Even if you're not going to buy one, it's fun to create a laptop and see the price on Origin's website. The customization options are extensive and show that Origin truly cares about what you want. No matter what you choose, you're looking at spending between $2500 and $4000 — but that's expected for a premium gaming laptop.
MSI GS63VR Stealth Pro
Looking for a VR-ready gaming laptop that isn't a beast to lug around? The MSI Stealth Pro (starting at about $1,760) is aptly named. Although it has a GTX 1060 GPU with 6GB of GDDR5 VRAM and 16GB of DDR4 RAM, it keeps a surprisingly low profile and weighs in at just under four pounds.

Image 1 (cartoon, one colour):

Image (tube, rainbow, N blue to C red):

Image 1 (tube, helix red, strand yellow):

The 15.6-inch display has a 1920 x 1080 resolution for when you aren't in VR, but you can also get up to a 4K display if money is no object. This thing has a full SteelSeries keyboard with a number pad and a beautiful full-color backlight.
All configurations come with a 7th-generation Intel Core i7-7700HQ processor that comes in at a stock 2.8GHz clock speed. Those games and your copy of Windows 10 will be safe and sound in your choice of 256GB or 512GB solid-state drive, and a 1TB hard-disk drive is there as your library expands. For more information, check out Windows Central's in-depth review of the GS63VR.
ASUS ROG Strix GL502VS
Love ASUS but don't want to shell out upwards of $2,500? This model, the ROG Strix GL502VS, starts at about $1,450 — quite a deal considering what you're getting.